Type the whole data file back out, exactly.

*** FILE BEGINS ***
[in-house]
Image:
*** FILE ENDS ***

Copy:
[in-house]
Image: